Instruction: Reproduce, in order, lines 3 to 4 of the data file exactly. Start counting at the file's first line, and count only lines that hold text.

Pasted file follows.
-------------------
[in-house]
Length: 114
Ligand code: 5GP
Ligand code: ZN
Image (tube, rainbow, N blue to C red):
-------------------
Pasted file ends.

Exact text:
Ligand code: 5GP
Ligand code: ZN